Thoughts After JuiceBox Games
Michael Martinez
12317

Michael, I’m sure you’re a decent CEO, capable of building a hard-working, focused team, you probably know of and abide by all of the regulations, rules, legalities, and reporting requirements of a corporation, and you probably budget real good. You make the best choices you can, and I’ll bet for the most part, you make good decisions; you’re probably a good fit to build and run any company.

But it’s an interesting industry, video games… in the late 1990’s, SONY did a presentation at CES and even then the chart explaining expected income from video games eclipsed movies and music combined. It’s potentially a huge business… but as I said, it’s an interesting industry… because it’s built on some very sketchy foundations. What is it, at the end of the day, that makes any game software developer think they’ll be successful? (the answer, “bankable game ideas” is a bit of a cop-out)

Treating video games like a typical consumer commodity is a recipe for disaster; a company cannot start from zero, get a semi-significant VC injection, build a team and expect to be successful in this field.

You started off with just a few leaders who had been around success in the industry in the past, created a cleverly-named brand, built a team, and then based the whole enterprise on the the bizarre notion that if you enter the right segment with what you perceive to be a competitive team, you’d succeed. OK, that doesn’t sound so bizarre when you say it out loud, but we’re not talking about a new organic toothpaste or chicken soup here. Without either a stellar IP plus deep connections that can get you on the virtual end-cap in the best stores for free, throwing money at the problem won’t likely work in the long run.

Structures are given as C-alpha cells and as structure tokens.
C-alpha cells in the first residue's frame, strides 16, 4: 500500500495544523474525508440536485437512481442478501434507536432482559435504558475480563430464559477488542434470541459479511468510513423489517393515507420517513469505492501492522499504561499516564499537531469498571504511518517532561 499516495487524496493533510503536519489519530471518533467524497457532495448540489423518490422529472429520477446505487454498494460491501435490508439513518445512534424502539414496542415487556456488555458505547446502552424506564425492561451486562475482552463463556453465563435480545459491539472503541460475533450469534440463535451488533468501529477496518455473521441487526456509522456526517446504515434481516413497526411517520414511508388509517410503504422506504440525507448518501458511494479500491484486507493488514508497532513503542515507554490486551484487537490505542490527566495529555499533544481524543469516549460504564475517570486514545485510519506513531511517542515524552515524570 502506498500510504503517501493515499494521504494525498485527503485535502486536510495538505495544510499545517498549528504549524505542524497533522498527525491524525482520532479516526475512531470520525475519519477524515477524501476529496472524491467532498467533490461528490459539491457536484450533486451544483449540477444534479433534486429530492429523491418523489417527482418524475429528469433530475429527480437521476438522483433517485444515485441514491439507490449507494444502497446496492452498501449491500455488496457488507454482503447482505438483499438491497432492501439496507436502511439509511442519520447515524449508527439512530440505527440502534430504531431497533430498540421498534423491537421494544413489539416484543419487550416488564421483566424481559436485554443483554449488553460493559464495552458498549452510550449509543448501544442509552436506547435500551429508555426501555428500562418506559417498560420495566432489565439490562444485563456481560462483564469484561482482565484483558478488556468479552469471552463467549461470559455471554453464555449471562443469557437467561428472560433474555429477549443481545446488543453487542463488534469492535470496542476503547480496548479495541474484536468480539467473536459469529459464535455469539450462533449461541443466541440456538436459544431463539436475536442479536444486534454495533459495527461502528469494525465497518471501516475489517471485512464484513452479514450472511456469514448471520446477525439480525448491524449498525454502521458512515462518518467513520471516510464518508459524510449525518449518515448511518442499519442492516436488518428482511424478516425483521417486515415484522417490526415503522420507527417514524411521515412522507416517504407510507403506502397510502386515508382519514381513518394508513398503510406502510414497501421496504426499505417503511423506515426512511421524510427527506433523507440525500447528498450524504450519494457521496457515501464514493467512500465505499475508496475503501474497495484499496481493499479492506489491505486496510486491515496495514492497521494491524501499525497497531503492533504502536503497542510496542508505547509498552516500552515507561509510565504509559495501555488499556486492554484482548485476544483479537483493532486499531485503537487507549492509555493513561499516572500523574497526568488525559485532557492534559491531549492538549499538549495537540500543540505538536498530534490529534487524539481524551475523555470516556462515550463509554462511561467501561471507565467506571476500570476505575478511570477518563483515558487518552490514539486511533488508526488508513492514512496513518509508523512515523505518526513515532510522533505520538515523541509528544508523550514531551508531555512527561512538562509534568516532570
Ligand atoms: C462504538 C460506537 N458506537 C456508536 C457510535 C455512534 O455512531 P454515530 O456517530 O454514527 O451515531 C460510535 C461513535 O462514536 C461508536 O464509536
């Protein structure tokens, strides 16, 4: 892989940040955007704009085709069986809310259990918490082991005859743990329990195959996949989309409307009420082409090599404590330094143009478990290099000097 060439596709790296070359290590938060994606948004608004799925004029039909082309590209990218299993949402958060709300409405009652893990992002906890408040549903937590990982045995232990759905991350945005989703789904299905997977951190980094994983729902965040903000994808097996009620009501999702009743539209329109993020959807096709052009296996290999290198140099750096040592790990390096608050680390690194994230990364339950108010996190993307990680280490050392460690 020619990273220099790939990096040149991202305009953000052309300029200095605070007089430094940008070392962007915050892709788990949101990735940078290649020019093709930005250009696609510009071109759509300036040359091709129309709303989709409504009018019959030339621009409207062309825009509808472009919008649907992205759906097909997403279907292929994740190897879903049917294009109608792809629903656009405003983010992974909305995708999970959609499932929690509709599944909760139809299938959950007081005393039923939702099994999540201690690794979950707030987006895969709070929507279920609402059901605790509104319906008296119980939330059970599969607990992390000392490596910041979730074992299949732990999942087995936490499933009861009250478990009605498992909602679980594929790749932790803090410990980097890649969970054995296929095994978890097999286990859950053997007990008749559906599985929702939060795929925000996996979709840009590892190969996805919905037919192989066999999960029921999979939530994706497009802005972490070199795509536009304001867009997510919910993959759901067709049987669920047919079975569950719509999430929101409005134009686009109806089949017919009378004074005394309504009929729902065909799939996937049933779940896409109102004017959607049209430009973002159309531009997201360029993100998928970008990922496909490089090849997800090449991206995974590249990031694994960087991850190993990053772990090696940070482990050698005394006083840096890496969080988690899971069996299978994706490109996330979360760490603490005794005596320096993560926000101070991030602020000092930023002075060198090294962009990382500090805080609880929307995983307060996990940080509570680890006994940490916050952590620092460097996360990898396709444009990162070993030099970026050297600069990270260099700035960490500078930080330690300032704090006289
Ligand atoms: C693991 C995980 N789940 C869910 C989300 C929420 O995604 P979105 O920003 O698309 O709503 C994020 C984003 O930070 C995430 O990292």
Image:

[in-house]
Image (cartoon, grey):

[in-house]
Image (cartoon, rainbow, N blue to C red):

Most successful games development companies start with an idea. A really good idea: a game and characters that the team are confident will succeed; there are 100x more examples of this being a success than the other way around. A smart game development company doesn’t just get fully staffed and funded and THEN say “OK, the company is built now, we’ve never done anything together before, anybody got any ideas for games that can make us a lot of happy customers that in turn brings in a lot of money?”. Possibly part of your spiel to the investors included a game, but your second (and never completed third) game obviously came out of thin air, and if you had to depend on a multi-year plan to keep afloat, it seems that you didn’t have a very solid one. With just a little research, you’d see very clearly that many large development houses with huge hits on their hands fold up shop all the time. Most often, it’s because lightning doesn’t strike twice very easily: key people move on, the idea bank is empty, and maybe customer’s tastes have moved on, too.

And that’s where the magic fails: as you said, your games weren’t good enough. Instead of treating games like the entertainment that they are, you thought of of them as “middle-ware” commodities, and they’re not. You can force entertainment down people’s throats with enough marketing, but it’s hard to return to that trough over the long haul. You can’t quantify “good, salable game”, there is just not a formula that is guaranteed to succeed.

If you’re not entering a market as a first-mover (voxel-based isometric frogger clone, for example) and you don’t have the support of people within SONY, apple, Google, Microsoft, etc., and you don’t have pockets deep enough to buy your way in, its the strength of the originality of your company’s products that will ensure its survival. I look at your lineup, and I just don’t see anything at all that stands out from the (very crowded) crowd.

You did everything reasonably well, your team worked hard, and you actually reached and exceeded some extremely lofty goals. But you’re right: your products just weren’t “good” or entrancing enough to keep generating multiple-millions of dollars per annum. I don’t think that anything aside from sheer luck could have saved JuiceBox… well, maybe spending $750k on hiring somebody with a proven track record for coming up with games and game characters that everyone loves and that sell like hotcakes might have helped.

Cheers, and I’m sure you’ll be back up and running again soon.

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